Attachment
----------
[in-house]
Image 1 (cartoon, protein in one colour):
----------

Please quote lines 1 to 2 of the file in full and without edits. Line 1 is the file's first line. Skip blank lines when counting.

[in-house]
Image 1 (cartoon, protein in one colour):